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Treating Social Security as an asset class.

Instead of looking at Social Security as a government entitlement that one should start receiving as soon as eligible, one should consider it an investment that will provide a far greater return on investment (ROI) by waiting than any other investment they have.

From a financial planning and personal wealth point of view, Social Security benefits should be looked at as an asset class that needs investment management coordinated with the rest of an individual's portfolio and financial plan. Social Security is an opportunity for CPA financial planners to advise their clients on an important source of permanent cash flow.

Cash Flow

Social Security benefits have no residual value other than a spouse being able to receive the spouse's benefits upon one's death, with all benefits ceasing upon the second spouse's death. Retirement and financial planning is partly about asset preservation and growth and partly about cash flow, so both need to be considered. In most instances, as individuals age, cash flow assumes a greater importance than asset values. Of course, asset values drive cash flow, but not in every situation. For example, investments in growth company stocks pay relatively low dividends with the expectation of increasing asset value. Likewise, investments in short-term bank certificates of deposit also provide low cash flow while providing safety of principal and liquidity.

When advising individuals who are set to start receiving Social Security benefits, CPAs should look at their overall asset allocation and cash flow. The advice the authors provide usually centers on their spending goals and cash flow. If their cash flow falls short, then either more aggressive investing needs to be done, spending requirements have to be reduced, or retiring later or working part time should be considered. Either way, cash flow drives the decision, not asset values.

When Benefits Start

Regular Social Security benefits can begin at age 62; however, the longer the benefits are delayed, the greater they will be up until reaching age 70. Payments on behalf of dependents are paid if a parent dies or attains age 65. A married person can receive benefits based upon their spouse's record if it will be greater than if based on their own account. Benefits are reduced if one starts receiving them before the full retirement age (age 66 and a few months) and are increased if one waits until one's 70th birthday.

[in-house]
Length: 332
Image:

A spouse can take benefits at age 62 (based on one's own record) and increase these to half of a spouse's when full retirement age is attained; this is the maximum, even if a spouse decides to wait until age 70 to claim increased benefits.

Benefits stop at death, but a surviving spouse can then receive a deceased spouse's benefits if those benefits are greater than one's own. Divorced spouses may also get benefits based upon their ex-spouse's record. Disabled persons may also receive benefits.

Social Security entails some confusing rules, and most individuals would benefit from consulting with a CPA financial planner familiar with Social Security's intricacies to determine the best course of action.

Asset Value of Social Security

Social Security may have no asset value, but its cash flow will greatly increase if benefits begin as late as possible, up until one's 70th birthday. The return for waiting is an approximate 32% greater annual payout for the rest of one's lifetime--that is a 32% ROI for waiting a little less than four years. Right now, 85% of the benefits will be taxed for most recipients, which still compares favorably with any other form of investment return. In addition, Social Security payouts increase annually based on an inflation factor, and all payments are guaranteed. As a cash flow source, this should be compared to other investments; very few will provide this great of a return.

Capitalization of Benefits

Another way to look at the asset value of Social Security is to capitalize the cash flow. While this article is concerned with the permanent guaranteed nature of Social Security benefits, many individuals seem interested in their pseudo-"asset value." To determine this, a current rate of return is divided into the expected annual benefits. For instance, if projected benefits were $40,000 and the rate of return was 4%, the asset value would be $1 million. Likewise, a 2% rate of return would result in a $2 million pseudo-asset value.

Waiting Strategy

For those who do not need the money early, waiting until age 70 to receive Social Security benefits is a no-brainer. For those who do, withdrawing needed funds from other asset categories they already have is a viable strategy, even if they have to take early taxable withdrawals from retirement accounts and annuities or sell stocks. That strategy would entail spending down cash and some fixed income investments where the tax bite would be minimal. CPA financial planners can assist individuals by working out the numbers and measuring the results against the ROI of waiting for Social Security benefits to start.

Government Entitlement